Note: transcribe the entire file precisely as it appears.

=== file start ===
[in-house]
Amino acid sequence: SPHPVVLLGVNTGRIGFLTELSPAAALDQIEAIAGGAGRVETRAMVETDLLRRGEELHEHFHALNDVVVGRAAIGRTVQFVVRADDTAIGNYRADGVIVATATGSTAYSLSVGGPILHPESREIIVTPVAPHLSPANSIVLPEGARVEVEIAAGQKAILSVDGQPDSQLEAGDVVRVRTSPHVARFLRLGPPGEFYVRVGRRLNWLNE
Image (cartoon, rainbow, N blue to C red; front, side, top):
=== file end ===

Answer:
[in-house]
Amino acid sequence: SPHPVVLLGVNTGRIGFLTELSPAAALDQIEAIAGGAGRVETRAMVETDLLRRGEELHEHFHALNDVVVGRAAIGRTVQFVVRADDTAIGNYRADGVIVATATGSTAYSLSVGGPILHPESREIIVTPVAPHLSPANSIVLPEGARVEVEIAAGQKAILSVDGQPDSQLEAGDVVRVRTSPHVARFLRLGPPGEFYVRVGRRLNWLNE
Image (cartoon, rainbow, N blue to C red; front, side, top):